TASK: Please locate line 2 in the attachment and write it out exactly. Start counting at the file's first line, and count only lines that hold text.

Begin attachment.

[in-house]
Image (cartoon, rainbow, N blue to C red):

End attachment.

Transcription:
Image (cartoon, rainbow, N blue to C red):